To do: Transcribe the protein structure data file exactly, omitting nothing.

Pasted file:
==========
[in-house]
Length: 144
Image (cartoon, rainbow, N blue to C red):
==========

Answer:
[in-house]
Length: 144
Image (cartoon, rainbow, N blue to C red):